(Paul Verhoeven, US, 1997)
Starship Troopers aims for the dazzlingly violent, amorality of a video game; and has scant interest in story or characters. In a fascistic future, humanity is locked in brutal interstellar conflict with a race of gigantic insects. The unsubtle tone is established immediately, as an array of flashy computer graphics are swiftly followed by a panicked TV news report of the latest battle against the arachnids, during which the reporter is bloodily sliced apart by a giant claw.
The film then goes into quick reverse, introducing Johnny Rico (the affably wooden Casper Van Dien), a recent high school graduate, who is encouraged to join the military by his girlfriend Carmen Ibanez (Denise Richards, fixed grin throughout). Carmen is determined to become the pilot of a spaceship, an ambition which proves amusingly simple for her to realise. Rico is not so lucky, finding himself posted in the infantry. We follow him through his brutal training regime, and subsequent preparation for battle.
Unlike Robert Heinlein's straight-faced source novel, Starship Troopers the movie includes several sly attempts at satire. We learn that only those who have served in the military are allowed to vote or have children, and that criminals are arrested, tried, sentenced and executed on live TV in a single day. Writer Ed Neumeier includes some of the amusing future adverts that he used in Robocop, the best of which shows excited children being handed handfuls of bullets, and being encouraged to play with assault rifles, while the police watch approvingly on. Despite such humour, Starship Troopers undeniably revels in its carnage, at least partially sharing the gung-ho excitement of its young characters, and serving up countless skewerings, decapitations, eviscerations and explosions with barely concealed glee.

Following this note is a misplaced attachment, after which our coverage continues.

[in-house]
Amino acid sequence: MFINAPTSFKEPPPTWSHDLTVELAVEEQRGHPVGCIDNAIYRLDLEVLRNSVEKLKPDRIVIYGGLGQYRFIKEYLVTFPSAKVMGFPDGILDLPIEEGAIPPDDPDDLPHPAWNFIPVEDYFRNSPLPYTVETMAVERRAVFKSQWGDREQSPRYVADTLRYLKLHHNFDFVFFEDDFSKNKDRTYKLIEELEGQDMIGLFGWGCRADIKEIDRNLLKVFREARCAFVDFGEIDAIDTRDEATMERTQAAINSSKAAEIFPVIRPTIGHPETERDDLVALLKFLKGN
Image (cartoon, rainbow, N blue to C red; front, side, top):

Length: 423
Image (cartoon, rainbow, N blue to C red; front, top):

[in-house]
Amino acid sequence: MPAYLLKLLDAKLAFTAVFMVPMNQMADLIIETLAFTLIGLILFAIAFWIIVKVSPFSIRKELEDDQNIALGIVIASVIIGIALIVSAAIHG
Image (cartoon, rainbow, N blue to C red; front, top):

It's good to see Paul Verhoeven returning to what he does best: directing tough science fiction action films. Highly skilled at creating a simple, yet well realised future, Verhoeven also excels at presenting action in an kinetic, dramatic manner. When Rico and Carmen move together for a kiss, the camera's so close that it's practically in their mouths, and when the troopers finally move into battle against the bugs, we're right there with them, a hand held camera making the scenes feel like desperate front line dispatches. Verhoeven was exposed to the brutality of war when he witnessed the Nazi invasion of his native Holland as a child, and his films have a nasty eye for gory detail that sets him apart from the clean 'techno-kills' favoured by most sci-fi filmmakers. Starship Troopers is undeniably thrilling. It's a rock and roll film of the best sort, and will please anyone who loves loud, aggressive movies, full of endless scenes of widescreen destruction. The problem is, it's all depressingly one note, and only narrowly avoids being tedious through sheer repetition. Even so, well worth a look.
Starship Troopers 2: Hero of the Federation